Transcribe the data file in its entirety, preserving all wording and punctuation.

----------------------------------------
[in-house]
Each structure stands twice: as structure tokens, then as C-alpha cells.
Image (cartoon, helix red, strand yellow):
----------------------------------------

[in-house]
Each structure stands twice: as structure tokens, then as C-alpha cells.
Image (cartoon, helix red, strand yellow):